Today, nonbelievers often seem inclined to describe atheism and secular humanism as an “identity” whose claimants should focus on winning cultural acceptance rather than intellectual debates. Here, they are taking their cues from the civil rights movement, particularly the rhetoric of gay liberation. Some organizations, for example, declared April 23 the first “Openly Secular Day,” “a celebration of secular people opening up about their secular worldview, and an opportunity for theistic allies to show their support for secular friends and family.”
“Many atheists are still in the closet,” said Nichelle Reed of Sunday Assembly. Nonbelievers like her hope that if they emphasize good works over grand argument, they can convince the bigots that atheists are decent human beings. Kelly Damerow, the interim executive director of the Secular Coalition for America, said that there is little discussion of moral philosophy among the activists she works with. “We get it. We know we’re good to each other,” she told me. “We would rather show people that we’re good.”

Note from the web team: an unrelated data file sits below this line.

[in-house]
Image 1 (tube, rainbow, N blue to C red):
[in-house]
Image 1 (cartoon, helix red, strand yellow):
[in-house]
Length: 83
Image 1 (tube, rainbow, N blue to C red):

In the short term, this is a smart strategy. The language of tolerance and personal identity has particular appeal to millennials, who account for 40 percent of the atheist and agnostic population, according to the Pew Research Center’s latest study. August E. Brunsman IV, who directs the Secular Student Alliance, said that “nowadays you’re seeing a whole lot of people for whom it’s more important that they’re understood and valued by fellow citizens, not seen as being too weird.”
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